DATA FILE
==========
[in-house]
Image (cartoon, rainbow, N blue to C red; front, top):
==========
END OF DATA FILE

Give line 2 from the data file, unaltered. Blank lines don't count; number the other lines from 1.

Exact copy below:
Image (cartoon, rainbow, N blue to C red; front, top):